Rose reflects on her impending divorce from Ted. She is shattered, for she is still in love with him, and seeks the help of a psychiatrist. Her mother, An-Mei, pleads with her to talk to family, not to a psychiatrist. Rose, however, has always found it difficult to talk with An-Mei. As a child, she was often frightened by her mother’s stories of ghosts and Old Chou, the man who guarded the door to dreams. She remembers dreaming about being in Mr. Chou’s garden, where he shouted warnings to her about listening to and minding her mother. Am-Mei is still trying to make her daughter mind and listen.
Upset by having received the divorce papers to sign, Rose takes sleeping pills and falls asleep, dreaming of Old Chou. When she wakes, she receives phone calls from her mother, her psychiatrist, and Ted. Her husband wants her to sign the divorce papers at once so that he can remarry; he also states that he wants the house for himself. Rose is horrified to learn that Ted is leaving her for another woman and wants to take the house as well. She asks him to come over to discuss things. When Ted arrives, Rose takes him out to the overgrown gardens of their home. In the past, Ted had meticulously tended the gardens, which Rose loved. She felt that the beautiful and healthy flowering plants were symbolic of the love between Ted and herself. In truth, the gardens were just another of Ted’s obsessions. He controlled the plants by planting them and pruning them, just as he controlled Rose’s life. Now she accepts that both the plants and her marriage have gone to ruin. In accepting this, Rose reaches inside herself to find strength that has never been there before. She hands Ted the unsigned divorce papers and tells him she will not leave the house. For the first time in her life, Rose has acted with certainty rather than timidity. She is no longer a fragile flower (Rose), but a tough weed that will survive. In time, she will grow into a woody plant, capable of standing alone.
At the end of the chapter, Rose looks forward to going to bed. It is
no longer an escape from reality for her, but a time for her to be in
touch with her inner self. When she peacefully falls asleep, she has another
dream about Mr. Chou, but it is not a frightening nightmare this time.
Instead, she dreams that An-Mei is walking with Mr. Chou in a garden,
and they are planting weeds. Rose now understands that her mother has
planted her to survive.
This chapter reinforces the idea that the solution to one’s problems lies within oneself and not outside. Fortunately, Rose realizes this before she looses everything. Although Ted is divorcing her for another woman, she will not allow him to also have the house. For the first time in her life, she stands up for what she knows is right. She refuses to sign the divorce papers until he agrees that Rose will keep the house.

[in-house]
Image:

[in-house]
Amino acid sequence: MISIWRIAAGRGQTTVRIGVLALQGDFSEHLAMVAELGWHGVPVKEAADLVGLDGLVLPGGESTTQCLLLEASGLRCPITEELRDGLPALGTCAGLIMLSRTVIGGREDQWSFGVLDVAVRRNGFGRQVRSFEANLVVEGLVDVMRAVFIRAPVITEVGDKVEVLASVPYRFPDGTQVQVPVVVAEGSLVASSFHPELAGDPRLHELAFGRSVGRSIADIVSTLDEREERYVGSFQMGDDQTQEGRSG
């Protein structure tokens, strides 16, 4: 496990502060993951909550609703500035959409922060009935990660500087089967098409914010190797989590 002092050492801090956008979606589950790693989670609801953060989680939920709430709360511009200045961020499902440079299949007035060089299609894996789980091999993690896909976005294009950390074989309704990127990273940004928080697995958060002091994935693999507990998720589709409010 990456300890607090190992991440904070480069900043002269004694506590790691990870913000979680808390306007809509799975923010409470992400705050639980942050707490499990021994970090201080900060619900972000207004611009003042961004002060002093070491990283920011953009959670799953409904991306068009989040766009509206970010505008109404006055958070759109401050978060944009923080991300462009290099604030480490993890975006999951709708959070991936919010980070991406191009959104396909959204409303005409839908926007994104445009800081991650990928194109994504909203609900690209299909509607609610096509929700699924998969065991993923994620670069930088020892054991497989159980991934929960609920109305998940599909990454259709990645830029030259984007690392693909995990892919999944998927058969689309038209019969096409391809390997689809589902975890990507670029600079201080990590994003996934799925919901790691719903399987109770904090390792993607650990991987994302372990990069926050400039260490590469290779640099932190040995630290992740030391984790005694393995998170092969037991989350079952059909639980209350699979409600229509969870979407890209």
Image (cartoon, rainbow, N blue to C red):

Being a typical Chinese mother steeped in tradition, An-Mei has always tried to impose her will on Rose, often frightening her daughter into obeying her commands. In the past, she warned Rose about ghosts and evil men who might snatch her away. She also told Rose that she was “born without wood,” being pulled in too many directions and never taking a stand. An-Mei really wants Rose to listen to her, for she thinks that she has her daughter’s best interests at heart; she also wants Rose to make her own decisions. As a result, when she hears that her daughter is going to a psychiatrist, An-Mei is horrified. She begs Rose to talk to the family about her problems, not to some stranger. Rose, however, cannot talk to her mother, for she fears her disapproval. Ironically, An-Mei’s words of wisdom help Rose to resolve her dilemma, while the words of the psychiatrist only confuse her.
Like the other Chinese mothers in the book, An-Mei does know what is best for her daughter. Rose tends to listen to other people rather than listening to her own conscience. An-Mei tries to teach her to have strength of character and trust in herself, rather than acting like a creature “without wood.” Because of An-Mei’s help, Rose is finally able to stand up for herself and tell Ted that he cannot have the house.
The imagery of the weeds in this chapter is significant. Like her overgrown
garden, Rose has been mistreated in life because she did not stand up
for herself. An-Mei had earlier told Rose that “a girl is like a young
tree. You should stand tall and listen to your mother standing next to
you. That is the only way to grow strong and straight. But if you bend
to listen to other people, you will grow crooked and weak. You will fall
to the ground with the first strong wind. And then you will be like a
weed, growing wild in any direction, running along the ground until someone
pulls you out and throws you away.” Throughout her life, Rose has listened
to people other than her mother. They tended to misuse and abuse the sensitive
Rose, especially Ted. In the end, Rose listens to her mother and has “wood”
enough to stand tall and refuse to give in to Ted’s demands.
Cite this page:
TheBestNotes.com Staff. "TheBestNotes on The Joy Luck Club".
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